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average white band

The Average White Band

The Average White Band, at various times, consisted of:

Alan Gorrie (b. 19th July 1946, Perth, Scotland) (guitar, bass & vocals)

Mike Rosen (trumpet & guitar)

replaced by:

Hamish Stuart (b. 8th October 1949, Glasgow, Scotland - guitar, bass & vocals)

Owen 'Onnie' McIntyre (b. 25th September 1945, Lennoxtown, Scotland - guitar)

Malcolm 'Mollie' Duncan (b. 24th August 1945, Montrose, Scotland - tenor saxophone)

Roger Ball (b. 4th June 1944, Broughty Ferry, Scotland - saxophone & keyboards)

Steve Ferrone (born 25 April 1950, Brighton, England - drummer)


Robbie McIntosh (b. 6th May 1950, Dundee, Scotland, d. 23 September 1974, Hollywood, Los Angeles, California, U.S.A. - drums)

The Average White Band, are a group of Scottish musicians, best described as a Blue Eyed Soul group.

They charted several times in the mid to late Seventies, and are best remembered for their classic funk/dance song, 'Pick Up The Pieces'.

Their tongue-in-cheek band name was emulated by James Brown, who covered their famous recording under the title 'Pick Up The Pieces, One More Time', under the name of the 'Above Average Black Band'.

The Average White Band

in 1972 in London - L-R Malcolm Duncan, Roger Ball, Onnie McIntyre, Alan Gorrie, Robbie McIntosh, Hamish Stuart

The group were, originally formed in 1972 by Alan Gorrie, Malcolm 'Molly' Duncan, along with Onnie McIntyre.

Hamish Stuart, Roger Ball and Robbie McIntosh, joined them to complete the original line-up.

Roger and Malcolm were known as the Dundee Horns, an affectionate title relating to their educational studies at the University of Dundee.

The two were previously members of the group Mogul Thrash.

Alan Gorrie and Owen McIntyre had been members of the group Forever More.

Owen and Robbie were at one time utilised as session musicians on the Chuck Berry tune 'My Ding A Ling'.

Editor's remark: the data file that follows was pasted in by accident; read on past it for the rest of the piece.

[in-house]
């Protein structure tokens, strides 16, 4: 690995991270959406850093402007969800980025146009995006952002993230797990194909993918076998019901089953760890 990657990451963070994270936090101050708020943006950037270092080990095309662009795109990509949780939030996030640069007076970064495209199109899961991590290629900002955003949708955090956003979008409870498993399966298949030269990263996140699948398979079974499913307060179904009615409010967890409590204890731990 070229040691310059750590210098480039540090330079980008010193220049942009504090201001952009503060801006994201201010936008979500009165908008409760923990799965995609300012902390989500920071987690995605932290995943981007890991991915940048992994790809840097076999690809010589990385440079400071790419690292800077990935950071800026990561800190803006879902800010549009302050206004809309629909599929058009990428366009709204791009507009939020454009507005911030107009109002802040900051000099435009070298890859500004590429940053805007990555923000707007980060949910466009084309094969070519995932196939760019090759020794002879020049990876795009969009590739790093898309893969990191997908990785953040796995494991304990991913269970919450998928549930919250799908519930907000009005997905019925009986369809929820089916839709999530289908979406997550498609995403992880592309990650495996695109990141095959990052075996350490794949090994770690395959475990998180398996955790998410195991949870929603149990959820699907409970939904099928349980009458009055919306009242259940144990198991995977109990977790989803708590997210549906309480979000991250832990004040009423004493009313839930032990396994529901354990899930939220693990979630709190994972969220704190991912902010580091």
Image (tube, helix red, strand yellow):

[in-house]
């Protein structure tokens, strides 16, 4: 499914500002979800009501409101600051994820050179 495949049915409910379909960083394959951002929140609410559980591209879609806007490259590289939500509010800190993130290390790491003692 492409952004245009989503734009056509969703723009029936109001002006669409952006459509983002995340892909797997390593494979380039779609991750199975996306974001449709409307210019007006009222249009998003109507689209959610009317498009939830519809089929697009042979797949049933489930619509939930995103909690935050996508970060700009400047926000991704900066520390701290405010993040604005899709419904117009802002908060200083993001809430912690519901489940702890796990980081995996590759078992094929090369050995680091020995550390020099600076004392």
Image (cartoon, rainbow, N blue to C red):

Show Your HandPut It Where You Want It

show your hand - 1973 / put it where you want it - (1973 re-release)

They released their first album 'Show Your Hand' in 1973 (featuring 'Put It Where You Want It'), which was subsequently re-released under the name of 'Put It Where You Want It'.

Average White Band

Their opportunity to further their career came with a comeback tour by Eric Clapton during 1973, at the Rainbow Theatre, which led to the group signing to the MCA imprint.

AWBCut The Cake

awb - the white album - 1974 / cut the cake - 1975

Eric's manager (Bruce McCaskill) took to the group and agreed to manage them, and took them to Los Angeles, where they recorded a follow up album entitled 'AWB' in 1974.

The album featured 'Pick Up The Pieces', along with a cover of the Isley Brothers song, 'Work To Do'.

The Arif Mardin produced set became known as 'the White Album', and reached number 1 on the Hot 100 chart.

Robbie McIntosh

robbie mcintosh

Tragedy struck that year when Robbie McIntosh took an overdose of heroin at a Los Angeles party in September that year.

Alan Gorrie also took the drug, however, he survived, and a benefit was organised to raise finances for Robbie McIntosh's widow.